Helping children with their handwriting

Picking up a pencil, following the shape of a letter on paper and staying between two parallel lines may sound like easy enough tasks, but handwriting is actually a process that requires the development of several complex skills.

Even before they begin compulsory education, there are a range of pre-writing skills that children in the early years/foundation stage need to acquire before they can confidently form letters. According to a fact sheet developed by The Royal Free Hospital Occupational Therapy Department, children need to be able to complete the following activities before they begin to write:


  • Have sufficient concentration to complete desktop tasks for at least 10 minutes at a time.

  • Be orientated to written language.

  • Be positioned well with feet on floor, sitting square onto a work surface which is the correct height.

  • Maintain a steady wrist position that will enable controlled finger movements.

  • Have a good ability to control pencil strokes.

  • Be able to form some basic shapes that are required to form all letters: a circle, vertical/horizontal lines and diagonal lines.


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One of the first steps needed to support the development of your child's handwriting is engaging them in stimulating, hands on tasks that strengthen their fine motor skills. Fine motor skills refer to the ability to use the smaller muscles in the body for precise tasks. Completing dot-to-dot pictures, clipping pegs and paperclips together or simply cutting and pasting are all exercises that contribute to enhanced fine motor skills.

Pencil grasp is also an area where children may experience difficulty. The National Handwriting Association recommends the dynamic tripod grasp (with the pen pinched between the ball of the thumb and the fore-finger, supported by the middle finger with the other fingers tucked into the hand) once children are old enough to hold a writing implement. If a child's grasp does not naturally fall into this position, or is not strong enough, in some cases adding a rubber pencil grip to the end closest to the pencil lead may prove helpful.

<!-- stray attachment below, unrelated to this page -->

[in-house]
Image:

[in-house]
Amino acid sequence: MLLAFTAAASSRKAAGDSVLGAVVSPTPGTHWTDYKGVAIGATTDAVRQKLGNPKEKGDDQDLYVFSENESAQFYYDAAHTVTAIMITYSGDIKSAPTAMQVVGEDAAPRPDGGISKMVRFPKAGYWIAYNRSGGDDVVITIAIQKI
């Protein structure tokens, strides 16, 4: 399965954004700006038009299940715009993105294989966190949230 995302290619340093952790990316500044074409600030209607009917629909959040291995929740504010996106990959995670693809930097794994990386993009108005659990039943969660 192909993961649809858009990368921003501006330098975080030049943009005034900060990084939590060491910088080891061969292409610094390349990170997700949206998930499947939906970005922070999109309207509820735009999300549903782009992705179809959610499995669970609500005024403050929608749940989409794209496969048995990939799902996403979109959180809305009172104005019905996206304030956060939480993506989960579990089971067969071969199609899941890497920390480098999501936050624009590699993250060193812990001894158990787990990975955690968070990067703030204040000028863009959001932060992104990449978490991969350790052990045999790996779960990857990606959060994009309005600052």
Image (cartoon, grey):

Handwriting styles adopted by schools vary, but an increasing number are teaching cursive, where each letter includes an entry stoke, as opposed to print styles from the earliest stages of a child's education. Mastering the cursive style is intended to help children make a smoother transition into joined up handwriting. Computer fonts such as 'boring boring' can be used to give children continuous exposure to cursive writing.

A writing project conducted over several years by the National Teacher Research Panel at Herne CE Infant School in Herne Bay, which included the early introduction of cursive writing, showed increased numbers of children at level 3 at the end of Key Stage 1 compared to Local Authority and National Figures. This is impressive when you consider that children are aiming to achieve level 4 at the end of Key Stage 2.

For some children struggling with handwriting there may be underlying problems such as Dyspraxia, an impairment or immaturity of the organisation of movement, which is thought to affect areas such as language, perception and thought. A school's special educational needs co-ordinator (SENCO) will be able to give advice to parents who suspect that their child may be dyspraxic.

Parents of children who have moved on to joined up handwriting, but still need encouragement to keep their letter formation neat, should try the following advice from Directgov, the official UK government website for citizens:

  • encourage your child to be inspired by examples of beautiful handwriting in museums, galleries and books

  • older children can develop their writing and social skills together by finding pen-friends through school or clubs, or keeping in touch with friends they meet on holiday


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Giving children a purpose for their writing such as writing a letter to a local councillor about changes they want to make to their local area or entering short story or poetry competitions can also act as an incentive for children to use their best handwriting. Schools often issue 'pen licences' to children in Key Stage 2 who have mastered cursive writing, providing another opportunity for pupils to be rewarded for their handwriting skills.

With the advent of new technology, some secondary schools are beginning to offer pupils the choice to complete written work on computers and laptops which may diminish the need for polished handwriting skills in the future.

Crucially though, whether handwriting is neat or not is less important than the link that has to be made between children who write by hand, as opposed to typing, and better learning skills.

Professor Anne Mangen, a reading expert from Stavanger University in Norway, who conducted the study on two groups of volunteers alongside neurophysiologist Jean-Luc Velay, of Marseille University, concludes that:

"Since writing by hand takes longer than typing on a keyboard, the temporal aspect of the brain which is involved in language may also influence the learning process."
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